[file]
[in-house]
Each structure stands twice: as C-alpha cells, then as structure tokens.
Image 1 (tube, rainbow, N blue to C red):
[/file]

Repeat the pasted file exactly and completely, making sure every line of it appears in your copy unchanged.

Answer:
[in-house]
Each structure stands twice: as C-alpha cells, then as structure tokens.
Image 1 (tube, rainbow, N blue to C red):